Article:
This subproject will focus on the question to what extent ideas about the sane or the ‘normal’ body, but also medical knowledge about disease and physical deviation were installed, confirmed or challenged at the 19th-century fair, particularly by focusing on the relation and possible exchange between the anatomical cabinets on the one hand and the so-called freaks shows or spectacles of the exotic on the other. One of the oldest attractions at the fair is indeed the display of so-called abnormal bodies, exhibited as a spectacle. For a penny's worth, visitors were allowed to marvel at bodies that did not meet the standards: dwarves, giants, Siamese twins and other ‘miracles of nature’ were exhibited in small booths or so-called entresorts. During the exhibition, the owner of the booth often explained in detail how these people had acquired their anomalies, and presented said explanation as the scientific state of the art. It was not only the desire for sensation that prompted people to go and see the wonders of the fairground. They were also driven by an elementary curiosity about nature and the functioning of the human body. Visitors satisfied their curiosity in the many anatomical cabinets that travelled along European fairs informing the public about human anatomy and its anomalies. This project will provide insight into the apparent paradoxical strategy of demonstrating new scientific knowledge, while their primary function may have been to communicate middle-class values to a working-class public.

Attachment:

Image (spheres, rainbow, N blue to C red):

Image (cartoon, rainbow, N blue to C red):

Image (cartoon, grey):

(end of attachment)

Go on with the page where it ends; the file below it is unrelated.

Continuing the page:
What kind of knowledge of the body was performed (and how) in anatomical cabinets, freak shows and so-called ethnographic museums and which ideas and cultural values about the sane, the ‘normal’ or ‘white’ body, but also disease and physical deviation were challenged or reinforced at the 19th-century fair?
Neumann's Anatomisch-Pathol. Museum, 1895. Poster by Adolph Friedländer, Theater collection UvA (Allard Pierson)